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Mitochondrial Ribosomal RNAs of Triticum aestivum (Wheat): Sequence Analysis and Gene Organization

Michael W. Gray, Linda Bonen, Denis Falconet, Tai Y. Huh, Murray N. Schnare, David F. Spencer


The complicated restriction patterns of plant mtDNA suggest that it is unusually large and complex and possesses a type of sequence heterogeneity not found in the mtDNAs of other eukaryotes (Leaver and Gray 1982). As a result, our knowledge of the genetic function and organization of this important organelle genome is much less advanced than in the case of animal and fungal mtDNAs. As one approach to improving this situation, we are identifying and characterizing large restriction fragments encoding specific plant mitochondrial genes. Our work has centered on the mtDNA of wheat, Triticum aestivum, and has focused particularly on the rRNA genes.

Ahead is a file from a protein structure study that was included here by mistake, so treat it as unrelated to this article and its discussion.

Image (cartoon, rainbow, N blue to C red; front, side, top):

Novel Arrangement of rRNA Genes in Wheat mtDNA
The mitochondrial 26S and 18S rRNAs of wheat differ from their cytosol counterparts in physicochemical properties (Cunningham and Gray 1977), T1 oligonucleotide fingerprints (Cunningham et al. 1976), and (in the case of the 18S rRNAs) T1 oligonucleotide catalogs (Bonen et al. 1977). Wheat mitochondrial 5S rRNA is also a distinct molecular species, as demonstrated by oligonucleotide cataloging (Cunningham et al. 1976) and, more recently, by determination of its complete primary sequence (Spencer et al. 1981).

Using Southern hybridization, we found that bulk mtRNA from wheat is specifically encoded by wheat mtDNA and shares no detectable sequence homology with wheat cytosol RNA (Bonen and Gray 1980). We also identified restriction fragments encoding the individual 26S, 18S, and 5S wheat mitochondrial rRNAs, as well as the mitochondrial tRNAs (Fig. 1). These represent the first documented plant mitochondrial genes. In view of...

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